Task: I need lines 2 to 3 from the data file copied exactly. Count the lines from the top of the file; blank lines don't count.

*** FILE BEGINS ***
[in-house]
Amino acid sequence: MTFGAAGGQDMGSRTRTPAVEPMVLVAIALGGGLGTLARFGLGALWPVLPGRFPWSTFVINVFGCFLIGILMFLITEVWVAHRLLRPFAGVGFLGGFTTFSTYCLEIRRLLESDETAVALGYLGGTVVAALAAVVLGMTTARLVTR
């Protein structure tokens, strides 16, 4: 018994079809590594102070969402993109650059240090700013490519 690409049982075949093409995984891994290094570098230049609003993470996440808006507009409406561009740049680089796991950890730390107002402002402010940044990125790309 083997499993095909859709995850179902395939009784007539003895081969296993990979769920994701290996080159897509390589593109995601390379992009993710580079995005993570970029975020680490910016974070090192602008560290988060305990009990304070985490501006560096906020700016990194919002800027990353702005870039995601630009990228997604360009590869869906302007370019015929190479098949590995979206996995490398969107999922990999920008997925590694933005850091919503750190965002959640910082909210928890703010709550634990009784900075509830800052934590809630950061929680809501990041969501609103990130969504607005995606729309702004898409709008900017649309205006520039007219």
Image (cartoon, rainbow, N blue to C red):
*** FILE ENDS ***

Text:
Amino acid sequence: MTFGAAGGQDMGSRTRTPAVEPMVLVAIALGGGLGTLARFGLGALWPVLPGRFPWSTFVINVFGCFLIGILMFLITEVWVAHRLLRPFAGVGFLGGFTTFSTYCLEIRRLLESDETAVALGYLGGTVVAALAAVVLGMTTARLVTR
């Protein structure tokens, strides 16, 4: 018994079809590594102070969402993109650059240090700013490519 690409049982075949093409995984891994290094570098230049609003993470996440808006507009409406561009740049680089796991950890730390107002402002402010940044990125790309 083997499993095909859709995850179902395939009784007539003895081969296993990979769920994701290996080159897509390589593109995601390379992009993710580079995005993570970029975020680490910016974070090192602008560290988060305990009990304070985490501006560096906020700016990194919002800027990353702005870039995601630009990228997604360009590869869906302007370019015929190479098949590995979206996995490398969107999922990999920008997925590694933005850091919503750190965002959640910082909210928890703010709550634990009784900075509830800052934590809630950061929680809501990041969501609103990130969504607005995606729309702004898409709008900017649309205006520039007219």